Open Access

Complete genome sequence of Gordonia bronchialis type strain (3410T)

  • Natalia Ivanova
  • , Johannes Sikorski
  • , Marlen Jando
  • , Alla Lapidus
  • , Matt Nolan
  • , Susan Lucas
  • , Tijana Glavina Del Rio
  • , Hope Tice
  • , Alex Copeland
  • , Jan-Fang Cheng
  • , Feng Chen
  • , David Bruce,
  • , Lynne Goodwin,
  • , Sam Pitluck
  • , Konstantinos Mavromatis
  • , Galina Ovchinnikova
  • , Amrita Pati
  • , Amy Chen
  • , Krishna Palaniappan
  • , Miriam Land,
  • , Loren Hauser,
  • , Yun-Juan Chang,
  • , Cynthia D. Jeffries,
  • , Patrick Chain,
  • , Elizabeth Saunders,
  • , Cliff Han,
  • , John C. Detter,
  • , Thomas Brettin,
  • , Manfred Rohde
  • , Markus Göker
  • , Jim Bristow
  • , Jonathan A. Eisen,
  • , Victor Markowitz
  • , Philip Hugenholtz
  • , Hans-Peter Klenk
  • and Nikos C. Kyrpides
Corresponding author

DOI: 10.4056/sigs.611106

Received: 28 January 2010

Published: 28 February 2010


Gordonia bronchialis Tsukamura 1971 is the type species of the genus. G. bronchialis is a human-pathogenic organism that has been isolated from a large variety of human tissues. Here we describe the features of this organism, together with the complete genome sequence and annotation. This is the first completed genome sequence of the family Gordoniaceae. The 5,290,012 bp long genome with its 4,944 protein-coding and 55 RNA genes is part of the Genomic Encyclopedia of Bacteria and Archaea project.


Obligate aerobichuman-pathogenicendocarditisGram-positivenon-motileGordoniaceae


Strain 3410T (= DSM 43247 = ATCC 25592 = JCM 3198) is the type strain of the species Gordonia bronchialis, which is the type species of the genus. The genus Gordonia (formerly Gordona) was originally proposed by Tsukamura in 1971 [1]. The generic name Gordona has been chosen to honor Ruth E. Gordon, who studied extensively ‘Mycobacteriumrhodochrous (included later as a member of Gordona) [1]. In 1977, it was subsumed into the genus Rhodococcus [2], but revived again in 1988 by Stackebrandt et al. [3]. At the time of writing, the genus contained 28 validly published species [4]. The genus Gordonia is of great interest for its bioremediation potential [5]. Some species of the genus have been used for the decontamination of polluted soils and water [6,7]. Other species were isolated from industrial waste water [8], activated sludge foam [9], automobile tire [10], mangrove rhizosphere [11], tar-contaminated oil [12], soil [13] and an oil-producing well [7]. Further industrial interest in Gordonia species stems from their use as a source of novel enzymes [14,15]. There are, however, quite a number of Gordonia species that are associated with human and animal diseases [16], among them G. bronchialis. Here we present a summary classification and a set of features for G. bronchalis 3410T, together with the description of the complete genomic sequencing and annotation.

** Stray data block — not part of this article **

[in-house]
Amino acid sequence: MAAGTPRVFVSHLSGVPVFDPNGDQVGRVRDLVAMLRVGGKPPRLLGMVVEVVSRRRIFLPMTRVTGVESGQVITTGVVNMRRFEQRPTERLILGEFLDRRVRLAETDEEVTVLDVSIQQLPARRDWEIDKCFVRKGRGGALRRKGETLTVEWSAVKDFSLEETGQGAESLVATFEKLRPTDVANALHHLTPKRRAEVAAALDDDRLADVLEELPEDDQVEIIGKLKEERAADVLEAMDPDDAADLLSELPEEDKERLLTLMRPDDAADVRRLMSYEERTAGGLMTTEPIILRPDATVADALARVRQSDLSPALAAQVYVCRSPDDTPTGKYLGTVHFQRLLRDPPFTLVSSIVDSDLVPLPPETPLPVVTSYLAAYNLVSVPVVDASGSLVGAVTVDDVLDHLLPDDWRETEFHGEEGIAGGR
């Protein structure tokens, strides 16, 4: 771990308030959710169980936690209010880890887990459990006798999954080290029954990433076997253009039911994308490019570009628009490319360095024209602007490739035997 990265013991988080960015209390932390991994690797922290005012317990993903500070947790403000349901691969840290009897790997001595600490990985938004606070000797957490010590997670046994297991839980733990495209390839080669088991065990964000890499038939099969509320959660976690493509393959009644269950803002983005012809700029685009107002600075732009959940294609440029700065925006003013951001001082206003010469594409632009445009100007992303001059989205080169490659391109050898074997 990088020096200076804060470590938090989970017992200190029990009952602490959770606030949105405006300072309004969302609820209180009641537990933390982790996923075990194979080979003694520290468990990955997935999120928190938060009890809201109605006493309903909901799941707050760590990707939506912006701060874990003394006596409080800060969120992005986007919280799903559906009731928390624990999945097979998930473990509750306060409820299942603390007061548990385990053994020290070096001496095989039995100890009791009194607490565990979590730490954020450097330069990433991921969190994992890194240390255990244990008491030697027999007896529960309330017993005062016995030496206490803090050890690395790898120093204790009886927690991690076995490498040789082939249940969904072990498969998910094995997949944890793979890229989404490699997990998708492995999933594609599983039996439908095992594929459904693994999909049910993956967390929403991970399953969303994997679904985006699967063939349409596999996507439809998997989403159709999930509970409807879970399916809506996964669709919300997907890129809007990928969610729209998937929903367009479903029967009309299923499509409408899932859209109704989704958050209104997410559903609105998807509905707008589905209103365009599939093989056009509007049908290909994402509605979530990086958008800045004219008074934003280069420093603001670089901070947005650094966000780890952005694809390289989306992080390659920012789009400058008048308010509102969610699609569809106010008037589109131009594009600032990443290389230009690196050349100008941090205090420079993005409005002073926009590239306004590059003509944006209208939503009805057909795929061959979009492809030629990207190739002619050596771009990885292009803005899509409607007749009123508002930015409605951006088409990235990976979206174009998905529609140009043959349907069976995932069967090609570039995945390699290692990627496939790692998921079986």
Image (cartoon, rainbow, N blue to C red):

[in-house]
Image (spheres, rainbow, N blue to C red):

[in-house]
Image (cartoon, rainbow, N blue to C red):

Classification and features

Strain 3410T was isolated from the sputum of a patient with pulmonary disease (probably in Japan) [1]. Further clinical strains in Japan have been isolated from pleural fluid, tumor in the eyelid, granuloma, leukorrhea, skin tissue and pus [17]. In other cases, G. bronchialis caused bacteremia in a patient with a sequestrated lung [18] and a recurrent breast abscess in an immunocompetent patient [19]. Finally, G. bronchialis was isolated from sternal wound infections after coronary artery bypass surgery [20]. G. bronchialis shares 95.8-98.7% 16S rRNA gene sequence similarity with the other type strains of the genus Gordonia, and 95.3-96.4% with the type strains of the neighboring genus Williamsia.